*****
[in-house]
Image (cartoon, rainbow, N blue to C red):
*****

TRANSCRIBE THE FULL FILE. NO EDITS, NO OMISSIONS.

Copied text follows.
[in-house]
Image (cartoon, rainbow, N blue to C red):